Rebellion: A person pretends they don’t care what others think of them. Their feelings of inferiority may manifest as anger or blame. They may act out by defying authority, confrontations, or breaking laws.

Victimhood: A person believes they are helpless in the face of challenges. They may use self-pity to avoid changing their situation. They often rely on others to save or guide them.

What Causes Low Self-Esteem?
Negative early experiences are very important for the development of low self-esteem. Some of the factors that make it more likely that a person will develop low self-esteem include:

  • Early experiences including punishment, neglect, or abuse.
  • Children who suffer these kinds of experiences often form the belief that they are bad and must have deserved the punishment. Shame is often a companion of low self-esteem.
  • Failing to meet other people’s expectations. People may feel that they are not good enough because they failed to meet someone else’s expectations – this might have meant your parents’ unrealistic standards – note that this does not mean that the expectations were fair or balanced in the first place.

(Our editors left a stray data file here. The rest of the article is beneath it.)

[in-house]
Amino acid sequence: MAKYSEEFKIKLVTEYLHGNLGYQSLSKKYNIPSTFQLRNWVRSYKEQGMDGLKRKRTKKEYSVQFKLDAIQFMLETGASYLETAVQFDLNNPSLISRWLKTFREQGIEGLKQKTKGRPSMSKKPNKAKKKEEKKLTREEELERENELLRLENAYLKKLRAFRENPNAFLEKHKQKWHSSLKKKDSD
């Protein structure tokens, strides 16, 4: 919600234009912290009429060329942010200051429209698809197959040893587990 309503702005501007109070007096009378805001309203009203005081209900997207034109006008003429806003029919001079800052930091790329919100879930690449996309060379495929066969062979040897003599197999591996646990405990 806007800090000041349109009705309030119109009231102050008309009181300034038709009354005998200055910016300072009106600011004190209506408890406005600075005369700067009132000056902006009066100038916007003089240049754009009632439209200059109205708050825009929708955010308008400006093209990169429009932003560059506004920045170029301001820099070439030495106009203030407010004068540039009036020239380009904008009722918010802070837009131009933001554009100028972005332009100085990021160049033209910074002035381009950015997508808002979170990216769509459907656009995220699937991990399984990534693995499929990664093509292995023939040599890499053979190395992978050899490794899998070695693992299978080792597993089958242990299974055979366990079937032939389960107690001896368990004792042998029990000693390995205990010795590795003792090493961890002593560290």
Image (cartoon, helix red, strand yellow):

• Failing to meet the standards of the peer group. Being different or the ‘odd one out’ during adolescence, when identity is forming, can powerfully impact self-esteem.
  • Not receiving enough warmth, affection, praise, love, or encouragement.

It is possible to develop low self-esteem even without overt negative experiences, but just through a deficit of enough positive ones. Without enough reinforcement that they are good, special, or loved, children can form the impression that they are ‘not good enough’.

What Keeps Low Self-Esteem Going?